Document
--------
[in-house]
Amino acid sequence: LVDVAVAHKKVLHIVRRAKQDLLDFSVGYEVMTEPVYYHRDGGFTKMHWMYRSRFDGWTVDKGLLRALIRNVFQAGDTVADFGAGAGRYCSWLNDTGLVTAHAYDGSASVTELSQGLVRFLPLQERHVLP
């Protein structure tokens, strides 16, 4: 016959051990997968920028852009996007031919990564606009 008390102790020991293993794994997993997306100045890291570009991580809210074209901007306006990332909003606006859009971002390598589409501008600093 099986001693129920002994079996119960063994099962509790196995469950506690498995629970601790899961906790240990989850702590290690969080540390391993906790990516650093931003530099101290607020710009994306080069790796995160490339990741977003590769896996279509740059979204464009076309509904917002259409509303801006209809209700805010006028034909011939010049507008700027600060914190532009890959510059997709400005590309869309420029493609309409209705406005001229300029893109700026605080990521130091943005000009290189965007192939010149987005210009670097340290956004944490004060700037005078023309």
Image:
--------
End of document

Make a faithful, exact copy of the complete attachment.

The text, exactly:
[in-house]
Amino acid sequence: LVDVAVAHKKVLHIVRRAKQDLLDFSVGYEVMTEPVYYHRDGGFTKMHWMYRSRFDGWTVDKGLLRALIRNVFQAGDTVADFGAGAGRYCSWLNDTGLVTAHAYDGSASVTELSQGLVRFLPLQERHVLP
């Protein structure tokens, strides 16, 4: 016959051990997968920028852009996007031919990564606009 008390102790020991293993794994997993997306100045890291570009991580809210074209901007306006990332909003606006859009971002390598589409501008600093 099986001693129920002994079996119960063994099962509790196995469950506690498995629970601790899961906790240990989850702590290690969080540390391993906790990516650093931003530099101290607020710009994306080069790796995160490339990741977003590769896996279509740059979204464009076309509904917002259409509303801006209809209700805010006028034909011939010049507008700027600060914190532009890959510059997709400005590309869309420029493609309409209705406005001229300029893109700026605080990521130091943005000009290189965007192939010149987005210009670097340290956004944490004060700037005078023309």
Image: